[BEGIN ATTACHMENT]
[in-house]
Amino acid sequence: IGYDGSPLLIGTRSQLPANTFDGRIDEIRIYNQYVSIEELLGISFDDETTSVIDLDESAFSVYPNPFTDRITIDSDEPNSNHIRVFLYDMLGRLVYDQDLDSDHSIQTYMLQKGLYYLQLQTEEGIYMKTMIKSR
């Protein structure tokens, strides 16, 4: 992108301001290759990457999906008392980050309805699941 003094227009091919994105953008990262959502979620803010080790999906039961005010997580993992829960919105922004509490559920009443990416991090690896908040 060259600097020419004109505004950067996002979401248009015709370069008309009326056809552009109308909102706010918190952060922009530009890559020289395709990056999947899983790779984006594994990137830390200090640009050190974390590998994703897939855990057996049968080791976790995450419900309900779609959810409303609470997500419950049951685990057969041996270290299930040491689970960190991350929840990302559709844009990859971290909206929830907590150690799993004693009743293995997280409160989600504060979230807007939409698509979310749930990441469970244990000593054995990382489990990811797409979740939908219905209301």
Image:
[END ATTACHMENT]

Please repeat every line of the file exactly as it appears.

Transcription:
[in-house]
Amino acid sequence: IGYDGSPLLIGTRSQLPANTFDGRIDEIRIYNQYVSIEELLGISFDDETTSVIDLDESAFSVYPNPFTDRITIDSDEPNSNHIRVFLYDMLGRLVYDQDLDSDHSIQTYMLQKGLYYLQLQTEEGIYMKTMIKSR
């Protein structure tokens, strides 16, 4: 992108301001290759990457999906008392980050309805699941 003094227009091919994105953008990262959502979620803010080790999906039961005010997580993992829960919105922004509490559920009443990416991090690896908040 060259600097020419004109505004950067996002979401248009015709370069008309009326056809552009109308909102706010918190952060922009530009890559020289395709990056999947899983790779984006594994990137830390200090640009050190974390590998994703897939855990057996049968080791976790995450419900309900779609959810409303609470997500419950049951685990057969041996270290299930040491689970960190991350929840990302559709844009990859971290909206929830907590150690799993004693009743293995997280409160989600504060979230807007939409698509979310749930990441469970244990000593054995990382489990990811797409979740939908219905209301």
Image: